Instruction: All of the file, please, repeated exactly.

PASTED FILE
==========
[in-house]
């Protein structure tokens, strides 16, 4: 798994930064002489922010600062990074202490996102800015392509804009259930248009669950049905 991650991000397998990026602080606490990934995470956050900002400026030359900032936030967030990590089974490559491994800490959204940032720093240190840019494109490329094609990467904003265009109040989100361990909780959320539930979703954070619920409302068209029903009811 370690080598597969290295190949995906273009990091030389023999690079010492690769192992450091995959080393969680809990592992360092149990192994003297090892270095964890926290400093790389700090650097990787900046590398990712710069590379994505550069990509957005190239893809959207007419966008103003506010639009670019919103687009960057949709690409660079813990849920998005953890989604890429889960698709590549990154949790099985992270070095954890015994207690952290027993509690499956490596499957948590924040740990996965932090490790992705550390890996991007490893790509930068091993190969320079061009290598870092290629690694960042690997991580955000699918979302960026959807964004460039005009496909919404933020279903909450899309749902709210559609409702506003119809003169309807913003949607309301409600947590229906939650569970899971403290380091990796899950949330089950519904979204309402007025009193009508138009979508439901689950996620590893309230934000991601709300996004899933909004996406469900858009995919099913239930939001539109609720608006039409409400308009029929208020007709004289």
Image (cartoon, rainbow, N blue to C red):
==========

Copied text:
[in-house]
């Protein structure tokens, strides 16, 4: 798994930064002489922010600062990074202490996102800015392509804009259930248009669950049905 991650991000397998990026602080606490990934995470956050900002400026030359900032936030967030990590089974490559491994800490959204940032720093240190840019494109490329094609990467904003265009109040989100361990909780959320539930979703954070619920409302068209029903009811 370690080598597969290295190949995906273009990091030389023999690079010492690769192992450091995959080393969680809990592992360092149990192994003297090892270095964890926290400093790389700090650097990787900046590398990712710069590379994505550069990509957005190239893809959207007419966008103003506010639009670019919103687009960057949709690409660079813990849920998005953890989604890429889960698709590549990154949790099985992270070095954890015994207690952290027993509690499956490596499957948590924040740990996965932090490790992705550390890996991007490893790509930068091993190969320079061009290598870092290629690694960042690997991580955000699918979302960026959807964004460039005009496909919404933020279903909450899309749902709210559609409702506003119809003169309807913003949607309301409600947590229906939650569970899971403290380091990796899950949330089950519904979204309402007025009193009508138009979508439901689950996620590893309230934000991601709300996004899933909004996406469900858009995919099913239930939001539109609720608006039409409400308009029929208020007709004289």
Image (cartoon, rainbow, N blue to C red):